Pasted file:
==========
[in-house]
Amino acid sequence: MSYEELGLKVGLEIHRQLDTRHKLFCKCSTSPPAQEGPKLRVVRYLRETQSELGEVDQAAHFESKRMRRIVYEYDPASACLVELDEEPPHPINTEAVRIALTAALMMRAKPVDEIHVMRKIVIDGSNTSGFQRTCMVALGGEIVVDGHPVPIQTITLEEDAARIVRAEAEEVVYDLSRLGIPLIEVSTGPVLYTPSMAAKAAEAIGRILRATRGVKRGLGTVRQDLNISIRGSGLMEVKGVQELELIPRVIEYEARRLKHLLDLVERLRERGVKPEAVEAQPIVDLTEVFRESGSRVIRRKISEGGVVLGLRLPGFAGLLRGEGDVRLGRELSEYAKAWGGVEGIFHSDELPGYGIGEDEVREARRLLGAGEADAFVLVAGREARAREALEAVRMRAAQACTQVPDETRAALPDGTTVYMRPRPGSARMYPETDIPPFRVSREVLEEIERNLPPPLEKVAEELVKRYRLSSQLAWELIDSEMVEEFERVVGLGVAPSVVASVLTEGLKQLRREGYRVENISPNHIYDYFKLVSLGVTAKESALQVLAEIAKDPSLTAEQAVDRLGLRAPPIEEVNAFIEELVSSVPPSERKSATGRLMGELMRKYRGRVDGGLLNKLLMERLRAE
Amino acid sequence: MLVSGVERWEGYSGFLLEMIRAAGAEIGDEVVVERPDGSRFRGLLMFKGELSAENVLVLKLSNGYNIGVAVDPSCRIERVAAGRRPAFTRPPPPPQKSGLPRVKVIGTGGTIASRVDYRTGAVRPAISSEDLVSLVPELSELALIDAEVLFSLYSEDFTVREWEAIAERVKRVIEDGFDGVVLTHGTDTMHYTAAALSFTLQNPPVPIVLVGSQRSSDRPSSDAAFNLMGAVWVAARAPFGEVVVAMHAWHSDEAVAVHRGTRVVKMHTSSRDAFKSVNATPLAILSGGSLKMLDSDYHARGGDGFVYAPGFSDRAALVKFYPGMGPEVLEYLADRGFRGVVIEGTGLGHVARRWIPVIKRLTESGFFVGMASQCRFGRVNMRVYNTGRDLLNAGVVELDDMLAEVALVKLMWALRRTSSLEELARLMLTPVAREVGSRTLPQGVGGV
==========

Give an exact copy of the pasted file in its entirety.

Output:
[in-house]
Amino acid sequence: MSYEELGLKVGLEIHRQLDTRHKLFCKCSTSPPAQEGPKLRVVRYLRETQSELGEVDQAAHFESKRMRRIVYEYDPASACLVELDEEPPHPINTEAVRIALTAALMMRAKPVDEIHVMRKIVIDGSNTSGFQRTCMVALGGEIVVDGHPVPIQTITLEEDAARIVRAEAEEVVYDLSRLGIPLIEVSTGPVLYTPSMAAKAAEAIGRILRATRGVKRGLGTVRQDLNISIRGSGLMEVKGVQELELIPRVIEYEARRLKHLLDLVERLRERGVKPEAVEAQPIVDLTEVFRESGSRVIRRKISEGGVVLGLRLPGFAGLLRGEGDVRLGRELSEYAKAWGGVEGIFHSDELPGYGIGEDEVREARRLLGAGEADAFVLVAGREARAREALEAVRMRAAQACTQVPDETRAALPDGTTVYMRPRPGSARMYPETDIPPFRVSREVLEEIERNLPPPLEKVAEELVKRYRLSSQLAWELIDSEMVEEFERVVGLGVAPSVVASVLTEGLKQLRREGYRVENISPNHIYDYFKLVSLGVTAKESALQVLAEIAKDPSLTAEQAVDRLGLRAPPIEEVNAFIEELVSSVPPSERKSATGRLMGELMRKYRGRVDGGLLNKLLMERLRAE
Amino acid sequence: MLVSGVERWEGYSGFLLEMIRAAGAEIGDEVVVERPDGSRFRGLLMFKGELSAENVLVLKLSNGYNIGVAVDPSCRIERVAAGRRPAFTRPPPPPQKSGLPRVKVIGTGGTIASRVDYRTGAVRPAISSEDLVSLVPELSELALIDAEVLFSLYSEDFTVREWEAIAERVKRVIEDGFDGVVLTHGTDTMHYTAAALSFTLQNPPVPIVLVGSQRSSDRPSSDAAFNLMGAVWVAARAPFGEVVVAMHAWHSDEAVAVHRGTRVVKMHTSSRDAFKSVNATPLAILSGGSLKMLDSDYHARGGDGFVYAPGFSDRAALVKFYPGMGPEVLEYLADRGFRGVVIEGTGLGHVARRWIPVIKRLTESGFFVGMASQCRFGRVNMRVYNTGRDLLNAGVVELDDMLAEVALVKLMWALRRTSSLEELARLMLTPVAREVGSRTLPQGVGGV